If there is evidence of fault, a personal injury attorney also may take into consideration the existence of car insurance and the amount of coverage available to pay the damages sought by the injured party. A lawyer may decide against taking on a case where the at-fault driver is uninsured or has only minimal insurance coverage and no assets to pay what the lawyer believes the claim is worth in a settlement or verdict after trial.

After a personal injury case is accepted, the car accident lawyer may decide to wait before starting a lawsuit. This may occur when the lawyer receives a response from the car insurance company insuring the at-fault driver and believes it can be settled without resorting to a lawsuit.

Sometimes, the car accident lawyer may not have a choice of waiting because of the statute of limitations. A statute of limitations is the time a person has to file a car accident lawsuit.

Each state sets its own time limit. For example, the time to sue to recover compensation for injuries from a car accident is four years in Florida, but it is only three years for car accidents in New York. If an injured person waited before deciding to seek legal representation, a lawyer may have to immediately start a lawsuit to prevent the client’s right to sue being lost by expiration of the statute of limitations.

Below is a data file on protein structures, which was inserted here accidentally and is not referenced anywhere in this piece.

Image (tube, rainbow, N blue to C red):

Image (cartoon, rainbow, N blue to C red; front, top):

The steps in the legal process of a personal injury lawsuit include:

  • Filing a summons and complaint in court: The lawyer for the injured party, who is the plaintiff in the lawsuit, prepares a summons and complaint and files it in a civil court.
  • Service on the defendant: A copy of the summons and complaint are served on the defendant, who is the person being sued.
  • Defendant answers the complaint: The defendant must serve a written response, called an answer, to the complaint within the time established by state law, which is generally about 30 days. A defendant who does not answer the complaint is in default and loses the right to contest the court entering a judgment in favor of the plaintiff.
  • Discovery: After receipt of the defendant’s answer, the parties engage in discovery that compels each side to furnish information about the case to the opposing party.
  • Trial: Unless the case is settled, the case will be scheduled for trial once discovery is completed. At the trial, each side in the lawsuit has the opportunity to call witnesses and present evidence. A judge or a panel of jurors will weigh the evidence and decide the case. If the plaintiff wins, a judgment will be filed against the defendant. A win by the defendant results in the case being dismissed.

If you are served with a summons and complaint in a lawsuit, you need to immediately contact your auto insurance company to avoid defaulting by not serving an answer.

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Role of the liability insurance company

Having someone come to your home and serve papers on you may leave you confused about your rights and what to do to protect them. One thing that you need to do right away is contact your car insurance company and provide them with a copy of the papers that were served on you.